HSE issues measles alert for Temple Street hospital visitors

Children who attended outpatient and A&E departments at end of July, early August at risk

The HSE has said it is concerned about the risk of measles in children who attended Temple Street children’s hospital in Dublin at the end of July.

The executive has been notified about a further five cases of the disease in recent days, bringing the current outbreak to 11 so far.

Measles cases are also occurring in the community in Dublin, it said.

The HSE added that it was particularly concerned about the risk of measles in children who attended the outpatients department of Temple Street hospital on Wednesday July 25th between 9.30am and 2.00pm, those who attended the emergency department the following day, Thursday July 26th between 7.15pm and midnight, those who attended the emergency department on Friday July 27th between 4.20pm and 7.30pm or the emergency department on. Monday August 6th between 2.20pm and 10.00pm. This is because they may have been exposed to an infectious case of measles during those times.


People who suspect they may have contracted the disease are advised to stay home, contact their GP and not allow visitors. Pregnant women who have been exposed to measles should seek medical advice as soon as possible.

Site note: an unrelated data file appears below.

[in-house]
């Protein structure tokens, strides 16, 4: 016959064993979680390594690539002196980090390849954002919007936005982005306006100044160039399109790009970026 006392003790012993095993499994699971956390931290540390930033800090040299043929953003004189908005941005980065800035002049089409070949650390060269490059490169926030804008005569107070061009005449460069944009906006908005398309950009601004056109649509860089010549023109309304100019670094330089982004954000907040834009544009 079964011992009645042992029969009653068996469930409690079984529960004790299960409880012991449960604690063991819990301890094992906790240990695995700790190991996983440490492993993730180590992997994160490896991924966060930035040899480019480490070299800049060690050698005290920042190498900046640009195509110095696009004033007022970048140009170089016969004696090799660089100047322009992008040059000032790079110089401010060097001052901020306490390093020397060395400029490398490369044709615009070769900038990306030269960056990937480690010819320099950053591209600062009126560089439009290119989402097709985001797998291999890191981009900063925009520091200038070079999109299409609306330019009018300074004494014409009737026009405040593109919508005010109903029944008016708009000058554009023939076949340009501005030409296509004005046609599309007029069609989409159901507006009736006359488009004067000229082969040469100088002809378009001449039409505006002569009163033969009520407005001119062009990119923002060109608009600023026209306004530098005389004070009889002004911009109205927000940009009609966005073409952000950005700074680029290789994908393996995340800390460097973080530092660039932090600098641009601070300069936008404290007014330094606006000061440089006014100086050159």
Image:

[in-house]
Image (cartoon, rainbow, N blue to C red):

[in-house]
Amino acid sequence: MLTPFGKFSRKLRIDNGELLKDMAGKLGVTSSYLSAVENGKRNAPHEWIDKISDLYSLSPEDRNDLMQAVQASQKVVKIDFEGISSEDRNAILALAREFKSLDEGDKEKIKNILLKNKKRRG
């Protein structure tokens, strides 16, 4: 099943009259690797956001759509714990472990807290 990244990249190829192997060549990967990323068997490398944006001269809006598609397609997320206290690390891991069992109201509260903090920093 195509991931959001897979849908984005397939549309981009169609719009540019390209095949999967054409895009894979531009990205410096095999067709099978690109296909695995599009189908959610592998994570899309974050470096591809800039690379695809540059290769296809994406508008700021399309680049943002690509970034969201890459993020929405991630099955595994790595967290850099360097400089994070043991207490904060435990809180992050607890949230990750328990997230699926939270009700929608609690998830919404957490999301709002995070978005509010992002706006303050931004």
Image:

Measles is a highly contagious disease that is spread easily. The time between exposure and developing a rash is usually 14 days, although it can range from seven to 21 days.

However people are infectious from four days, before a rash begins to appear, and until four days afterwards.

Measles can cause chest infections, seizures, ear infections, swelling and potentially, damage to the brain.

The HSE requests people be vigilant. “Measles can be a serious illness and is highly infectious. The best protection is to be fully vaccinated with two doses of MMR (Measles, Mumps, and Rubella) vaccine,” said Dr Helena Murray, specialist in public health medicine.

People at increased risk of getting measles are those who are not fully vaccinated with two doses of MMR vaccine or have not had measles in the past.

Symptoms include a high fever, coughing, runny nose and red eyes. The red rash associated with the condition begins on the head and spreads down the body. This normally starts a few days after the onset of illness.

The rash consists of flat red or brown blotches which can flow into each other, and lasts between four and seven days. Vomiting, diarrhoea and stomach pain can also occur.